The bleeding disorder associated with factor XI (fXI) deficiency is typically inherited as an autosomal recessive trait. However, some fXI mutations may be associated with dominant disease transmission. FXI is a homodimer, a feature that could allow certain mutations to exert a dominant-negative effect on wild-type fXI secretion through heterodimer formation. We describe 2 novel fXI mutations (Ser225Phe and Cys398Tyr) that form intracellular dimers, are secreted poorly, and exhibit dominant-negative effects on wild-type fXI secretion in cotransfection experiments. Available data now suggest that mutations associated with crossreactive material-negative fXI deficiency fall into 1 of 3 mechanistic categories: (1) mutations that reduce or prevent polypeptide synthesis, (2) polypeptides that fail to form intracellular dimers and are retained in cells as monomers, and (3) polypeptides that form dimers that are not secreted. The latter category likely accounts for many cases of dominant disease transmission. (Blood. 2005;105: 4671-4673)
The homodimeric plasma protein factor XI (fXI) is the precursor of the coagulation protease fXIa.1,2 FXI dimer formation, which is unique among coagulation proteases,1-3 is a prerequisite for fXI secretion from cells.4,5 The noncatalytic portion of the fXI polypeptide contains 4 repeats called apple domains (A1-A4 from the N-terminus).2 The A4 domain is the primary mediator of dimer formation,6 and mutations in A4 that interfere with dimerization are associated with retention of fXI monomer within cells and low plasma fXI levels.4,5 The dimeric structure has implications for inheritance patterns in congenital fXI deficiency. This disorder is prevalent in Ashkenazi Jews, in whom 2 point mutations, Glu117Stop and Phe283Leu, predominate.7,8 These mutations are associated with an apparently autosomal recessive bleeding disorder, as heterozygotes are generally asymptomatic.7,9 The situation is not as clear for fXI-deficient patients not of Jewish ancestry, in whom no single mutation predominates. There are reports of heterozygotes for fXI mutations with plasma fXI levels of less than 0.2 U/mL, a range commonly seen in homozygous or compound heterozygous fXI-deficient Jewish patients.5,10-12 In 2 cases, mutations were identified (Gly400Val and Trp569Ser) that exert dominant-negative effects on fXI secretion in transfection experiments, probably through formation of nonsecretable heterodimers.5 It is not clear whether these cases are unusual or represent a common mechanism in fXI deficiency. Prompted by these data, and personal observations of patients with fXI levels in an intermediate range (20%-30% of normal) between those typically seen in homozygous and heterozygous Jewish patients, we analyzed the effects of 2 novel fXI mutations on wild-type fXI secretion. The results, in conjunction with prior work, suggest a simple classification system for cross-reactive material-negative (CRM-) fXI deficiency.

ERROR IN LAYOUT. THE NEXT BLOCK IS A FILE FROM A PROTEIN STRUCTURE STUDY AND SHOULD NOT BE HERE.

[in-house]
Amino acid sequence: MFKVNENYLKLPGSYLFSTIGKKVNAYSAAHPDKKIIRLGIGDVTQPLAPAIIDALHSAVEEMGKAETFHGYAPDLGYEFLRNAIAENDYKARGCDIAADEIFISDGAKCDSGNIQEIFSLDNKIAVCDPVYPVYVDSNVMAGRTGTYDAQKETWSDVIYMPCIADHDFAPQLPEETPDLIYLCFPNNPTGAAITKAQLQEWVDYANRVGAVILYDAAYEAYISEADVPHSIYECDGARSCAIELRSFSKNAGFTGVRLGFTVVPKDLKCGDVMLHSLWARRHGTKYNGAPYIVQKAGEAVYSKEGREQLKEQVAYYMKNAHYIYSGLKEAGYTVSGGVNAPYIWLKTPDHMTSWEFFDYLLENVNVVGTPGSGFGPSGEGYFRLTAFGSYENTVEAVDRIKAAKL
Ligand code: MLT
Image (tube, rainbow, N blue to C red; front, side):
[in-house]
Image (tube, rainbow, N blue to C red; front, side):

Patient 1 is a 34-year-old man with a history of left knee hemarthrosis and frequent epistaxis. His fXI levels range from 22% to 30% of normal. His 2 children have fXI levels of 25% to 37%. All 3 individuals are heterozygous for a C>T change in fXI exon 7, resulting in a Ser225 to Phe substitution. Patient 2 is a 38-year-old woman with heavy postpartum bleeding, idiopathic hematuria, and low fXI activity (25%-39%). She is heterozygous for a G>A change in exon 11, resulting in a Cys398 to Tyr substitution. A homozygote and 2 heterozygotes for Cys398Tyr were previously reported in unrelated families.13 Plasma fXI antigen levels for all patients match plasma fXI activity. Procedures for obtaining blood for DNA extraction and factor XI gene analysis were approved by the Institutional Review Boards of Vanderbilt University and the University of North Carolina. Informed consent was obtained according to the Declaration of Helsinki.
Point mutations for Ser225Phe or Cys398Tyr were introduced into the wild-type fXI (fXI-WT) cDNA in pJVCMV as described.14 Transfections of 293 fibroblasts, growing in Dulbecco modified Eagle medium (DMEM) with sodium pyruvate, L-glutamine, and 5% fetal bovine serum, were performed in 6-well culture plates using SuperFect reagent (Qiagen, Valencia, CA).5 Single transfections used 80 ng, and cotransfections 160 ng, of fXI/pJVCMV construct. All transfections included 40 ng Renilla luciferase (pRL-CMV) vector (Promega, Madison, WI) to control for transfection efficiency, and empty pJVCMV to bring total DNA to 2 μg/transfection. Media were collected 67 hours after transfection, and cell lysates were prepared using a Dual Luciferase Reporter kit (Promega). Luciferase activity was measured on a Monolight 2010 luminometer (Analytical Luminescence, San Diego, CA). FXI in media and lysates was measured by enzyme-linked immunosorbent assay (ELISA) using goat polyclonal anti-human fXI immunoglobulin G (IgG; Affinity Biologicals, Hamilton, Ontario).5 Results were corrected for variation in transfection efficiency using the luciferase signals and reported as relative fXI levels. The mean for fXI-WT was assigned a value of 100%.